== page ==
New Jersey organization rescues sea turtles that have failed to migrate to warmer waters

The organization Sea Turtle Recovery has already rescued four sea turtles that were recently found cold-stunned on the Jersey Shore after failing to migrate south.
The turtles are then taken to a rehabilitation facility in West Orange so that they can heal.
One turtle – known as No. 5 – is on the road to recovery. Once his heart rate goes up, the young turtle will be given an antibiotic to treat a respiratory infection.
No. 5, and others like him, were found virtually lifeless due to low body temperatures.
“All of these guys came in between 46- and 48-degrees Fahrenheit,” says Bill Deer, of Sea Turtle Recovery.
Deer says recovery starts in shallow pools at the facility.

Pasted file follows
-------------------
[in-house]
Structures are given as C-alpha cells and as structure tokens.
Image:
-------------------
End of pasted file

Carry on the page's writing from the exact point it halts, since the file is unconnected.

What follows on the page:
“This gives them nice shallow water so it’s easier to get their head up to breathe,” he says.
One turtle was found on a New Jersey beach with a body temperature of 47 degrees. Deer says that this is barely alive because turtles’ body temperatures should be 70 degrees. This turtle will be nursed back to health in the smaller pool before graduating to one of the larger tanks at Sea Turtle Recovery.
This is the time of year in New Jersey - and New England in particular - when mass strandings can occur among sea turtles that have failed to migrate fast enough to warmer waters. Quick changes in weather with cold wind like New Jersey experienced this past weekend can stun the animals and push them onto the beach.
Sea Turtle Recovery specializes in rehabilitating and releasing these turtles. The next release will be their 90th turtle since starting this effort in 2016.
What should beachgoers do if they see one of these turtles?
“You don’t want to touch it. You don’t want to warm it,” Deer says. “If we raise their temperature too quickly, it kind of throws them into shock and they can pass away on us.”
Deer says the turtles’ body temperatures can only rise 1 or 2 degrees per day. Anyone who finds a turtle should call Sea Turtle Recovery of the local police.